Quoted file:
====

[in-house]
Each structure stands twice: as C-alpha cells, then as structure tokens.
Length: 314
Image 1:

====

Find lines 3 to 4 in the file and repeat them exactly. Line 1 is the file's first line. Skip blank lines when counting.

Length: 314
Image 1: